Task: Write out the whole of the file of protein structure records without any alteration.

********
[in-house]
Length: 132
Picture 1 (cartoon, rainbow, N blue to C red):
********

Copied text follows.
[in-house]
Length: 132
Picture 1 (cartoon, rainbow, N blue to C red):